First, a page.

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DS - the Search for Speed - the engines

From its release in 1955, the DS was criticised for inadequate power. Here was a car with superb handling and grip which cried out for more performance. The DS inherited the venerable 1,9 litre four cylinder Sainturat engine from the 11CV - admittedly breathed upon to provide more power - but even the most hardened worshipper of the Goddess would admit that the engine was low on power and refinement.

Having dropped the horizontally opposed engine project, six avenues were explored -

  • the development of an all new short stroke 4 cylinder (which saw the light of day in 1966 in the DS 21 and a year later with the revised DS 19);

  • the development of a V4 supercharged two-stroke engine;

  • the development of a V6 engine;

  • the development of a V8 engine;

  • the use of a Maserati designed V6 which was eventually fitted in the SM;

  • a reworking of the Sainturat engine.

Two-stroke V4

In the early nineteen sixties, the Bureau d'Etudes worked on developing a V4, two-stroke, supercharged engine.

Displacing 1.800 cm3, it was predicted to develop 120 bhp and lots of low end torque, more like that of a V8.

The supercharger was driven by its own 200 cm3 four-stroke engine.

3 litre V8

Again in the early nineteen sixties, Walter Becchia, the designer responsible for the 2CV's flat twin and the abortive flat six intended for the DS, was given the task of developing a V8, 130 bhp engine for the DS.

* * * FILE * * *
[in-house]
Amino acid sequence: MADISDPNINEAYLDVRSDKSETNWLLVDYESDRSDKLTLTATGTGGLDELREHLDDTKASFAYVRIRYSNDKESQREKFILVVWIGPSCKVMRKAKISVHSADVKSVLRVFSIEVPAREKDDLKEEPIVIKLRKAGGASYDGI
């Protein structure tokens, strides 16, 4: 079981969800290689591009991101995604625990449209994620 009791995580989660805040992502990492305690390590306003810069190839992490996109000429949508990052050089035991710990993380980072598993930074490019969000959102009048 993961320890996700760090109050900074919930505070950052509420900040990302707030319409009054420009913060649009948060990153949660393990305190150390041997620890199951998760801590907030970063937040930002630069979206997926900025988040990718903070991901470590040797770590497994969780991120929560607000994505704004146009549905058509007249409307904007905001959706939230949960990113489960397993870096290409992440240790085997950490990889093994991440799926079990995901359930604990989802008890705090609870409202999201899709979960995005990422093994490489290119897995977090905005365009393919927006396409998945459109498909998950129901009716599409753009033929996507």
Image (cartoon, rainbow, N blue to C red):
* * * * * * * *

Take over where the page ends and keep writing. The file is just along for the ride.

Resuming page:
The engine employed much of the architecture of the Sainturat design.

V6 2,1 litre

Becchia's assistant, Pierre Louis Cordier was given the job of revising the Sainturat design which led, eventually, to the short stroke 1.985 cm3 and 2.175 cm3 engines that were eventually fitted to the later D series cars. Cordier also designed this V6 with a capacity of 2.100 cm3 and developing 140 bhp. A single overhead camshaft was fitted in each cylinder head and the valve gear design eventually found its way into the flat four fitted in the GS.

CitroŽn did not have the resources to put any of these engines into production and the development by Bosch of electronic fuel injection sealed the fate of all these designs.

The Cordier re-worked Sainturat engine in 2.175 cm3 guise, when fitted with the Bosch system, developed 139 bhp. CitroŽn's acquisition of Maserati provided the company with a low cost solution to a top of the range powerplant with the V6 engine that was fitted in the SM and Maserati's own Merak.

The 2.175 cm3 engine was later expanded to 2.347 cm3 (right) where it developed, in fuel-injected form, 141 bhp and later still to 2.500 cm3 developing 168 bhp when fitted with a turbo charger as fitted in the CX.

© Julian Marsh 1996